Take a stroll through these varied and unique pockets of architecture, customs, and colorful festivals. In Chinatown, glimpse the old ways of the Chinese immigrants who shaped and built modern Singapore. Rebuilding and restoring the old colonial shophouses has resulted in increased rents, causing many of the traditional businesses to move out, but it’s still a good place to wander, and contains some of Singapore’s most notable temples. Little India stretches from Rochor Canal to Lavendar Street. The best time to visit is early morning, when you can drop in on the spice merchants, watch colorful flower garlands being made, and visit a “wet market” to see sari-draped ladies haggling for fresh fish. Arab Street is the Muslim center where you’ll find batiks from Indonesia, sarongs, flower essences, hajj caps, baskets, rattan goods, and Singapore’s largest mosque, Sultan Mosque, on North Bridge Road.


Jurong Bird Park covers approximately 50 acres, including a 5 acre walk-inaviary, and is home to over 8,000 birds from 600 species. Exhibits include birds of paradise, nocturnal birds, a walk-through parrot aviary, and even penguins. You could easily spend an entire day wandering through Jurong Bird Park’s seemingly endless displays.


Singapore’s world-class zoo has over 2,000 animals, representing 240 species on display innatural conditions. Have breakfast or high tea with an orangutan, ride an elephant, or stop by one or all of its daily shows. There is an excellent Night Safari on a 40 hectare site in secondary forest next to the zoo.


If you are looking for some designer label shopping or a cup of Starbucks coffee, this is the area for you. Orchard Road is also home to some of Singapore’s best nightlife. The surrounding area is filled with the mansions of Singapore’s elite.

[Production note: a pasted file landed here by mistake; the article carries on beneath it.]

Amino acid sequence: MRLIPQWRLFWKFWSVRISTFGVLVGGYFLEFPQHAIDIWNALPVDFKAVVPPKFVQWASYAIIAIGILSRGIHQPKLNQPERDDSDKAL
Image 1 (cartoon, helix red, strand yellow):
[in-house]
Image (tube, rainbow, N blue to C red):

Considered to be the premier architectural landmark in Singapore, Raffles Hotel is a cultural icon. Built in 1887, it quickly became one of the most famous hotels in the East. It has recently been restored to its former glory, maintaining an old-fashioned atmosphere of colonial Asia. The main lobby is ope nto the public, but proper dress standards do apply. While you’re visiting Raffles, it would be practically criminal not to indulge in the nation’s namesake drink, the Singapore Sling, which was invented in its classic bar.


One way to see the sights of colonial Singapore is to take a short cruise on the Singapore River. You will pass Raffles’ famous landing sight, the oft-photographed Merlion Statue and Clarke Quay, one of Singapore’s most popular dining and entertainment area.


The half-moon of quaint restaurants and cafes at this quay are wedged between the river and towering high rises. It is a delightful spot for a meal, ice cream or cold beer while watching the ferry boats pass by. Sure it’s touristy and prices are double what you’ll find in Chinatown, but it’s a classic way to wile away a few hours in this glittering metropolis.


Singapore’s glorious and surprisingly massive Botanic Gardens are a treat, Singapore’s glorious and surprisingly massive Botanic Gardens are a treat, housing 600,000 botanical species; among them 60,000 orchids—one of the world’s largest collections.


This world-class museum, where high-tech, interactive displays showcase ancient cultural artifacts from the multitude of Asian cultures that comprise Singapore’s population. It’s a one-stop shop of knowledge, beautifully and clearly presented. Spend an hour, a day or a week—its riches just keep unfolding. You can take the ferry to the Colonial District to access this wonderful museum.

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